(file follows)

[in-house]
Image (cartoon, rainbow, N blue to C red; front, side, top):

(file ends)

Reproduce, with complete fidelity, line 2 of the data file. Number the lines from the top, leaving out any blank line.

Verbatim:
Image (cartoon, rainbow, N blue to C red; front, side, top):